Hop-Along Cassidy/NBC/1949 (Limp)
William Boyd starred as the silver-haired western hero Hop-Along Cassidy who championed the cause of justice in the Old West. He was assisted by sidekicks Gabby Hayes/Andy Clyde in his “B” movies (reedited for TV) and Red Connors (Edgar Buchanan) on the television series HOP-ALONG CASSIDY/NBC/1949.
“Hoppy” derived his nickname from his creator, New York writer Clarence E. Mulford (1883-1956) who originally conceived his hero in the novel “Bar-20” (1907) as a tough, tobacco-chewing, hard-drinking cowboy with a limp, hence “Hop-Along.”
However, when William Boyd took the reigns of the character, he cleaned up the foul-mouthed western star and transformed him into a pristine cowboy hero dressed in black who rode tall in the saddle atop a white horse named Topper. About the only thing he didn’t discard was his name “Hop-Along.” The limp was explained away with a simple healing of his leg.
Note: William Boyd purchased the rights to his own films in the 1940s and subsequently received seventy million dollars when he sold his feature film rights to television.
Dr. John Hamish Watson (Martin Freeman), British physician who shares an upstairs flat at 221B Baker Street in present day London with eccentric genius Sherlock Holmes (Benedict Cumberbatch). John walks with a limp and uses a cane.
John went to King Edward VI Grammar School in Chelmsford, studied medicine at King’s College, received a Bachelor of Medicine and Surgery in 2004, worked at the Broomfield Hospital Chelmsford and the University College Hospital London, and trained at St. Bartholomew’s Hospital as a British Army doctor.
Later, Watson was deployed to Afghanistan with the Royal Army Medical Corps and was a Captain in the Fifth Northumberland Fusiliers until he was shot in the shoulder. His wound left Watson with a psychosomatic limp and an intermittent tremor in his dominant hand. John’s limp disappears in situations requiring him to move quickly.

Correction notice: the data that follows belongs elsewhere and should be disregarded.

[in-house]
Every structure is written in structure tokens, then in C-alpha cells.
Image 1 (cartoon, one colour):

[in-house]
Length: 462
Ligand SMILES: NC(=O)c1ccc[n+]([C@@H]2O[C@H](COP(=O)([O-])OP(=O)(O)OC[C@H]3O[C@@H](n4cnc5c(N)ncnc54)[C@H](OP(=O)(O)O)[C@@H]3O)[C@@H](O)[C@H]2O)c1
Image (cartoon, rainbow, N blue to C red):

“Listen, what I said before, John, I meant it. I don’t have friends. I’ve just got one.” ―Sherlock to John H. Watson
Watson accompanies Sherlock Holmes to crime scenes overseen by Detective Inspector Greg LeStrade (Rupert Graves) of Scotland Yard where Holmes uses his uncanny deductive ability to find clues to solve each of his cases.
John records his adventures with Holmes on an Internet Blog which becomes popular with members of Scotland Yard. His blog helps Watson earn a living and inspires a widespread interest of Holmes among the general public and the media.
Watson is adept at firearms (being an excellent marksman), unarmed combat and reading people through facial expressions. Once in a while, John’s observations or remarks inspire Holmes to come up with answer that will solve a crime.
Eventually, Watson marries Mary Morstan whom Watson later learns was a former CIA agent.
Note: The television series was based on the Sherlock Holmes stories written by Sir Arthur Conan Doyle. The series was filmed in Cardiff, Wales, with North Gower Street in London used for exterior shots of Holmes and Watson’s 221B Baker Street residence.
Other TV actors to portray the character of Doctor John H. Watson include:
- Howard Marion-Crawford – Sherlock Holmes/SYN/1954
- David Burke – The Adventures of Sherlock Holmes/The Return of Sherlock Holmes/Granada TV/1984-1986
- Edward Hardwicke – The Casebook of Sherlock Holmes/The Memoirs of Sherlock Homes/Granada TV/1986-94
- Lucy Liu (as Dr. Joan H. Watson) – Elementary/CBS/2012-2016+
On the TV crime drama Law & Order: Criminal Intent actress Kathryn Erbe played the part of Alexandra Eames, who was loosely based on the fictional physician Dr. John Watson.
CSI: Crime Scene Investigation/CBS/2000-2015 (Legs Amputated)
Dr. Albert “Al” Robbins (Robert David Hall), disabled Chief Medical Examiner at the Las Vegas Police Department. “Doc” Robbins lost his legs when he was hit by a drunk driver as a youth. He uses prosthetic limbs and a crutch to get around. He walks with a limp.
A graduate of Johns Hopkins University, Dr. Robbins earned a Masters Degree in Physiology. He began his career as a Coroner in Arlington, Virginia. He now works the graveyard shift for the CSI division of the LVPD. His assistant, David Phillips (David Berman) is often sent into the field to examine corpses before they are transported to his laboratory.